Jim Spencer: I want to make Hansons' library department world famous

Picture Caption: Jim Spencer, head of Hansons library department

Books, maps and manuscripts are soaring to success at a Derbyshire auction house thanks to the dedication of a man determined to make his library department world famous - Jim Spencer.

In February (2017), the 32-year-old, who says he owes his lifelong love of books to his mother, an English teacher, was tasked with developing this specialist section at Hansons Auctioneers.

And he’s pinching himself over the success he is generating – and the interest sparked among dealers and collectors from the UK and around the world.

He said: “The books and maps in our September Fine Art auction attracted interest from important collectors in several countries, and I was chatting to London dealers who were visiting us for the very first time.”

Highlights from Hanson’s library department’s September (30) Fine Art sale included:

  • Medieval illuminated manuscript Psalter: £5,800
  • Unusual 19th-century manuscript children's story/fairy tale, with naive surreal illustrations of witches, demons, fairies, ghosts: £900
  • 18th-century 'hornbook' dated 1743: £2,700
  • Plans, Elevations and Sections, of Hot-Houses', George Tod, 1807 (complete with hand-coloured aquatint plates): £2,200
  • Regency manuscript estate plan/map for Aldwick Court, Somerset, dated 1815: £1,350
  • 17th-century map of Cornwall by John Speed: £1,100
  • Lord Nelson autograph letter, written on board HMS Victory, signed 'Nelson & Bronte', dated 7th November 1803: £6,000

Jim’s department is born out of a personal passion for books, which at one point saw him work a year without taking a day off.

He said: “I love antiquarian books, fine leather bindings, especially works on natural history, travel and satire.

“Some incredible finds are coming in at Hansons, such as the medieval illuminated manuscript Psalter which sold for £5,800 (Sept 30). When I opened that book I just froze. I was shocked to make such an amazing discovery but delighted in equal measure.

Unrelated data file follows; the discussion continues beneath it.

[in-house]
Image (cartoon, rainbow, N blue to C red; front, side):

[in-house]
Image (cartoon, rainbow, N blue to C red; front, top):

“I’ve worked on both sides of the industry, both as a dealer and at an auction house, and I know what tempts bidders. I understand the importance of the internet and the future of the industry. I know how to generate interest and excitement internationally, with so much bidding now done online.

“Before coming to Hansons I had a business based in Birmingham’s Custard Factory specialising in Georgian caricatures and books. Prior to that I was a high-street bookseller at Waterstones. And you won’t be at all surprised to learn that I studied English Literature, English Language and Art at the University of Birmingham.

“I worked at Waterstones during the onslaught of e-books and e-readers such as the Kindle - and we won the war. People love the feel of a book, even the smell of the ink and paper, and nothing else comes close.

“I regularly give talks to antiques societies throughout the UK, usually regarding the history of prints and printmaking processes.

“My personal passion is for English comedies and my favourite books include Lucky Jim, Three Men in a Boat, Decline and Fall, Diary of a Nobody, Humphry Clinker, Tristram Shandy, and anything by Wodehouse.

“I began buying and selling antiquarian books and prints as a hobby around ten years ago. Eventually it became profitable enough to go part-time at the bookshop. I used to get up at 5am every Saturday and Sunday to trawl the car-boot sales before work, then visit auction houses during the week. I didn't have a day off for about a year.

“Some examples of bargain finds include a complete set of first-state Hogarth engravings, Marriage A-la-Mode, bought from a Bristol auction house for £95 and sold within 48 hours for £2,500; Samuel Palmer's Willow etching and an original Piranesi etching from Vedute di Roma, both part of a job lot for £5 from a Warwickshire auction house. They sold for more than £1,000.

“I also bought a complete set of Buffon's Histoire Naturelle for under £100 from an auction house in the Cotswolds and sold it for more than £1,000.

“Plus, I've supplied works to notable collectors, famous actors and authors, heritage organisations, private country estates, museums, universities and even film studios.

“I was always looking to the future, and could see that the internet was democratising the antiques industry. Online bidding is becoming so user-friendly that it enables collectors, internationally, to buy directly from auction.

“I needed to be dynamic, so it was a case of poacher-turned-gamekeeper. I share my passion with vendors and buyers, give talks and do the best I can for everyone.

“I love meeting people, have some great contacts and a manic energy. I'm determined to make Hansons’ library department world-famous.”

To find out more or arrange a valuation, email: [email protected]